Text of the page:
At Barrabes, you will see that the entry-level range of climbing shoes, with few exceptions, are the most economical. However, entry-level climbing shoes with premium materials do exist, if this is something you prefer and it is this higher quality that raises the cost of the product. In general, it is not necessary to invest a great deal. If you find an economical climbing shoe that suits your needs, here at Barrabes, you can be assured that the quality is guaranteed for beginners.

Climbing shoes at Barrabes Barcelona.

Different Types of Soles

Here we come to the star feature of the climbing shoe. When it comes to the sole there is no distinction between beginners and experts. Every climber wants the best grip and durability, but this is also where the price comes in. The best sole compounds that guarantee the best grip and the greatest durability, are also the most expensive.

Soles like Vibram XSGrip, Vibram XSEdge or Stealth C4 are a reference in the world of climbing, but many brands now manufacture their own sole compounds that respond perfectly to the demands of the beginner, at a significantly lower price. It would be endless to list all the different compounds by each brand but we can affirm that all of the soles in our product range are of good quality. When you progress to higher grades and tiny holds, you may need extra grip, but you can rely on any of the brands’ own sole compounds while climbing easy routes with generous holds.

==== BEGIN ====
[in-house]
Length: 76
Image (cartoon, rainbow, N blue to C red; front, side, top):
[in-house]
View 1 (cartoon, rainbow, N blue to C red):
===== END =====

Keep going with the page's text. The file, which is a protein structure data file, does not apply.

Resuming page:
Entry-level climbing shoe soles are quite thick, compared to those used for bouldering, which have to be thinner to allow sensitivity. Thicker soles not only avoid excessive wear caused by the unrefined technique of the beginner, but provide much needed stiffness on your first encounters with climbing. In some models, the thickness of the sole can vary according to size, but it is always greater than 4 millimeters and reaches up to 5 millimeters in the thickest models.

SCARPA Origin W. SCARPA Origin W. 5mm sole.

Midsole: Board-Lasted or Slip-Lasted?

Board-lasted shoes have a particularly stiffer midsole. Not all climbing shoes are board-lasted, but a little extra stiffness is often required for certain occasions, such as technical routes with tiny holds and for enhanced stability. Beginners often lack technique and strength so board-lasting is the perfect way to provide the support and comfort they need.

So while a certain amount of rigidity is already provided by the thickness of a sole, it is the reinforced midsole that helps maintain stability on smaller holds. These reinforcements are usually made of 1-2mm thick polymers (polyamide, polyester, polypropylene, etc.).

A stiffer midsole also gives greater confidence to the novice climber, but as we have mentioned, sensitivity is greatly reduced which means you cannot feel if the hold is good or not. This is not essential in the gym or on large rock holds, but it is important on difficult routes or boulders, as well as on slabs or sloper holds pitches where the sole needs to have as much contact as possible with the rock.

Mad Rock Drifter, with 3D molded polypropelene and EVA midsole.